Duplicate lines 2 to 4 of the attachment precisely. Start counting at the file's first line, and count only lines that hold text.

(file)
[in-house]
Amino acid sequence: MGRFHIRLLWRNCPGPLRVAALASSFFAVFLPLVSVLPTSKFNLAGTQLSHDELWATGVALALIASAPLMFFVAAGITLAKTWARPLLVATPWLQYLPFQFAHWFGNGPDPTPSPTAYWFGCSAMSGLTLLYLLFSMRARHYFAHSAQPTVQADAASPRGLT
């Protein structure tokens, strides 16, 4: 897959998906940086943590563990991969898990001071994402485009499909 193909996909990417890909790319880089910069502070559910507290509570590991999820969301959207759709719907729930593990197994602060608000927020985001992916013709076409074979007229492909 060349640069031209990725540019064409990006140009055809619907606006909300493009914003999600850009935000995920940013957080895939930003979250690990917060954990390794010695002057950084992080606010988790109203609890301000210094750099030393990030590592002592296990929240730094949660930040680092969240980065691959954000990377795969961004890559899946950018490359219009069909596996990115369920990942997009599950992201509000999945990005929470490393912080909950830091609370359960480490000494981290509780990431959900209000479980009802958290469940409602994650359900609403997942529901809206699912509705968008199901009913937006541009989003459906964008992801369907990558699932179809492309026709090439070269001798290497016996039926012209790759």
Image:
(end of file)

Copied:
Amino acid sequence: MGRFHIRLLWRNCPGPLRVAALASSFFAVFLPLVSVLPTSKFNLAGTQLSHDELWATGVALALIASAPLMFFVAAGITLAKTWARPLLVATPWLQYLPFQFAHWFGNGPDPTPSPTAYWFGCSAMSGLTLLYLLFSMRARHYFAHSAQPTVQADAASPRGLT
């Protein structure tokens, strides 16, 4: 897959998906940086943590563990991969898990001071994402485009499909 193909996909990417890909790319880089910069502070559910507290509570590991999820969301959207759709719907729930593990197994602060608000927020985001992916013709076409074979007229492909 060349640069031209990725540019064409990006140009055809619907606006909300493009914003999600850009935000995920940013957080895939930003979250690990917060954990390794010695002057950084992080606010988790109203609890301000210094750099030393990030590592002592296990929240730094949660930040680092969240980065691959954000990377795969961004890559899946950018490359219009069909596996990115369920990942997009599950992201509000999945990005929470490393912080909950830091609370359960480490000494981290509780990431959900209000479980009802958290469940409602994650359900609403997942529901809206699912509705968008199901009913937006541009989003459906964008992801369907990558699932179809492309026709090439070269001798290497016996039926012209790759």
Image: